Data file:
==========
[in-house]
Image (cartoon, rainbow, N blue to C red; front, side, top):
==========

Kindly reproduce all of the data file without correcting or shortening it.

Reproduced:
[in-house]
Image (cartoon, rainbow, N blue to C red; front, side, top):